William Heinemann  

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Train wreck at Montparnasse (October 22, 1895) by Studio Lévy and Sons.
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Train wreck at Montparnasse (October 22, 1895) by Studio Lévy and Sons.

William Heinemann (18 May 1863 – 5 October 1920) was the founder of the Heinemann publishing house in London.

He was born in 1863, in Surbiton, Surrey. In his early life he wanted to be a musician, either as a performer or a composer, but, realising that he lacked the ability to be successful in that field, he took a job with the music publishing company of Nicolas Trübner. It was an intensive apprenticeship, and when Trübner died, Heinemann founded his own publishing house in Covent Garden in 1890. The company introduced many translations of the classics to Great Britain, as well as such distinguished authors as H. G. Wells, Robert Louis Stevenson, and Rudyard Kipling.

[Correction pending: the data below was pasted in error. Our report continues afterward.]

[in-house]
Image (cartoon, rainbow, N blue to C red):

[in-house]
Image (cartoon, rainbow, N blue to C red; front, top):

He died, unexpectedly, in London in 1920. He had no children and his presumptive heir, his nephew John Heinemann, had died in the Great War. Heinemann's share of the company was therefore bought out by F.N. Doubleday, the New York publisher.

He bequeathed funds to the Royal Society of Literature to establish a literary prize, the W. H. Heinemann Award, given from 1945 to 2003.

The company logo is based on a woodcut by Sir William Nicholson of the windmill at Rottingdean, Sussex.




Unless indicated otherwise, the text in this article is either based on Wikipedia article "William Heinemann" or another language Wikipedia page thereof used under the terms of the GNU Free Documentation License; or on original research by Jahsonic and friends. See Art and Popular Culture's copyright notice.

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